BLTC Press Titles


available for Kindle at Amazon.com


Theory of Colours

Johann Wolfgang von Goethe


The Worm Ouroboros

E. R. Eddison


Some Experiences of an Irish R. M.

Edith Somerville and Martin Ross


Alice's Adventures in Wonderland

Lewis Carroll


Cæsar's commentaries on the Gallic and Civil Wars

by Julius Caesar

Excerpt:

Chap. IV.—When this scheme was disclosed to the Helvetii by informers, they, according to their custom, compelled Orgetorix to plead his cause in chains; it was the law that the penalty of being burned by fire should await him if condemned. On the day appointed for the pleading of his cause, Orgetorix drew together from all quarters to the court, all his vassals to the number of ten thousand persons; and led together to the same place, and all his dependants and debtorbondsmen, of whom he had a great number; by means of these he rescued himself from [the necessity of] pleading his cause. While the state, incensed at this act, was endeavouring to assert its right by arms, and the magistrates were mustering a large body of men from the country, Orgetorix died; and there is not wanting a suspicion, as the Helvetii think, of his having committed suicide.*

Chap. V.—After his death, the Helvetii nevertheless atempt to do that which they had resolved on, namely, to go forth from their territories. When they thought that they were at length prepared for this undertaking, they set fire to all their towns, in number about twelve,—to their villages about four hundred,—and to the private dwellings that remained; they burn up all the corn, except what they intend to carry with them; that after destroying the hope of a return home, they might be the more ready for undergoing all dangers. They order every one to carry forth from home for himself provisions for three months, ready ground. They persuade the Rauraci, and the Tulingi, and the Latobrigi, their neigh

* Literally, " nor is there absent a suspicion that he resolved on death for himself."

bours, to adopt the same plan, and after burning down their towns and villages, to set out with them: and they admit to their party and unite to themselves as confederates the Bon, who had dwelt on the other side of the Rhine,* and had crossed over into the Norican territory, and assaulted Noreia.f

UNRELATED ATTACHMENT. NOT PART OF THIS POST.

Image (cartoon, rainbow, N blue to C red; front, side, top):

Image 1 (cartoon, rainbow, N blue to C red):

Chap. VI.—There were in all two routes, by which they could go forth from their country—one through the Sequani,* narrow and difficult, between mount Jura and the river Rhone, (by which scarcely one waggon at a time could be led; there was, moreover, a very high mountain overhanging, so that a very few might easily intercept them ;) the other, through our Province, much easier and freer from obstacles, because the Rhone flows between the boundaries of the Helvetii and those of the Allobroges, who had lately been subdued,§ and is in some places crossed by a ford. The furthest town of the Allobroges, and the nearest to the territories of the Helvetii, is Geneva. From this town a bridge extends to the Helvetii. They thought that they should either persuade the Allobroges, because they did not seem as yet well-affected towards the Roman people, or compel them by force to allow them to pass through their territories. Having provided every thing for the expedition, they appoint a day, on which they should all meet on the bank of the Rhone. This day was the fifth before the kalends of April, [i. e., the 28th|| of March,] in the consulship of Lucius Piso and Aulus Gabinius [b. C. 58.]

Chap. VII.—When it was reported to Caesar, that they were attempting to make their route through our Province, he hastens to set out from the city, and, by as great marches as he can, proceeds to Further Gaul, and arrives at Geneva. He orders the whole Province [to furnish] as great a number of soldiers as possible, as there was in all only one legion in Further Gaul: he orders the bridge at Geneva to be broken down. When the Helvetii are apprised of his arrival, they send to him, as ambassadors, the most illustrious men of their state, (in which embassy Numeius and Verudoctius held the chief place), to say "that it was their intention to march through the Province without doing any harm, because they had" [according to their own representations,] * "no other route:—that they requested, they might be allowed to do so with his consent." Caesar, inasmuch as he kept in remembrance that Lucius Cassius, the consul, had been slain.f and his army routed and made to pass under the yoke by the Helvetii, did not think that [their request] ought to be granted; nor was he of opinion that men of hostile disposition, if an opportunity of marching through the Province were given them, would abstain from outrage and mischief. Yet, in order that a period might intervene, until the soldiers whom he had ordered [to be furnished] should assemble, he replied to the ambassadors, that he would take time to deliberate; if they wanted anything, they might return on the day before the ides J of April [on April 12th]. •

* In the modern Bohemia and Bavaria, which both derive their names from the Boii.


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